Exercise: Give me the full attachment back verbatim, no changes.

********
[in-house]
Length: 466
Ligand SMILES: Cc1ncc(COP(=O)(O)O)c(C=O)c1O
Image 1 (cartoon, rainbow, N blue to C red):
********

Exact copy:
[in-house]
Length: 466
Ligand SMILES: Cc1ncc(COP(=O)(O)O)c(C=O)c1O
Image 1 (cartoon, rainbow, N blue to C red):